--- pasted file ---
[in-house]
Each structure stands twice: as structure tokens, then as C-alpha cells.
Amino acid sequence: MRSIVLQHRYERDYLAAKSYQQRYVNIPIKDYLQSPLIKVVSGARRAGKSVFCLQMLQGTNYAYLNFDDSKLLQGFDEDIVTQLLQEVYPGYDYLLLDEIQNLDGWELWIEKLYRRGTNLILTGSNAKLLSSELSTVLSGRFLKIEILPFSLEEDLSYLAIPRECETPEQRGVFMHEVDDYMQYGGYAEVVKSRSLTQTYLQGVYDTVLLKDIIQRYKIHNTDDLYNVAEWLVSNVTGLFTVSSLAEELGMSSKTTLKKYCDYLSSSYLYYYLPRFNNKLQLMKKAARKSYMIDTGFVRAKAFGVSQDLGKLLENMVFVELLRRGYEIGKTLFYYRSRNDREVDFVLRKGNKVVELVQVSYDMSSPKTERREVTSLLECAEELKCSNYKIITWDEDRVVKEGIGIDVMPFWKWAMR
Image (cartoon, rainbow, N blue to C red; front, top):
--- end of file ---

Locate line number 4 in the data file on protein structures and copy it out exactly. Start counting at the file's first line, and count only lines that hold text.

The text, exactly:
Image (cartoon, rainbow, N blue to C red; front, top):